"There is no such condition as schizophrenia, but the label is a social fact and the social fact a political event."
— R.D. Lang
As psychopharmacology — using drugs to treat mental disorders — has expanded to dominate psychiatry, so too has the Diagnostic and Statistical Manual of Mental Disorders' potential to boost the pharmaceutical industry's profits, and in so doing is creating new health problems for some using these meds.
Critics say the symbiotic relationship with pharmaceutical companies will only be exacerbated with the upcoming revision of the manual, known as the DSM-V. Consider the proposed Psychosis Risk Syndrome that Allen Frances describes as "the most worrisome of all suggestions," in his Feb. 11 commentary in Psychiatric Times. The new category has a lofty goal: weeding out individuals in the early states of schizophrenia, depression or other psychotic illnesses.
"It would be a great idea if we had a specific test that was a good predictor of who will become psychotic. If we had a fairly safe treatment, then it would be the most wonderful idea in the world," he says.
But Frances warns that if the new diagnosis makes it into the DSM-V, the influence of drug company marketers on primary care physicians could prescribe antipsychotic drugs like Zyprexa, Abilify and Seroquel needlessly to hundreds of thousands of teenagers and young adults. This would lead not only to the stigma of an inaccurate diagnosis, but a "health hazard in a vulnerable population."
Frances says there's evidence that antipsychotics are recommended much more frequently for people with Medicaid than private insurance.
The meds' side effects, obesity is a notable one, are also a worry. A study published last fall in the Journal of the American Medical Association found an average weight increase of 1 to 1.5 pounds a week for patients taking these kinds of medications, yielding metabolic changes that could result in serious diseases like diabetes and hypertension.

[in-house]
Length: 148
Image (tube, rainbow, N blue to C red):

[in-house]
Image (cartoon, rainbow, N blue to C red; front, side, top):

A series from Miller-McCune.com on the controversy surrounding the latest Diagnostic and Statistical Manual of Mental Disorders:
Part I:Infallibility and Psychiatry's Bible (May 25)
Part II: Who Benefits? DSM Conflict of Interests (June 3)
Part III:Are You Normal or Finally Diagnosed (June 8 )
"It seems that in seeking the needle in the haystack, they'd be helping some people, but overall, the harm is so great, I see this as a public health nightmare," Frances says.
Lisa Cosgrove, a clinical psychologist and associate professor at the University of Massachusetts, traces such problems to the three most contentious words facing the DSM task force — conflict of interest, or COI.
Cosgrove began investigating conflicts in 2000 when a grad student alerted her to a DSM work group's testimony that helped get the drug Serafem approved for premenstrual dysphoric disorder. "A few members of the group were being paid by Eli Lilly," she says, which led her to co-author a 2006 study, "Financial Ties between DSM Panel Members and the Pharmaceutical Industry."
Cosgrove's study didn't establish a definitive causal relationship. She did find that the DSM working groups with the greatest financial ties to the pharmaceutical industry were those involved with mood and psychotic disorders, where pharmacological treatment predominates with an extremely profitable antidepressant/antipsychotic drug market.
"We leave it to others to see whether that constitutes a financial COI," she says. As for the latest DSM, Cosgrove sees the problem worsening.
In a written debate in the Psychiatric Times with the chair and vice chair of the DSM-V Task force, David Kupfer and Darrel Regier, Cosgrove and a colleague, Harold Bursztajn, critiqued the APA's "failed" COI policy, pointing out that 70 percent of the task force members reported direct industry ties. That's a 14 percent increase over the previous manual.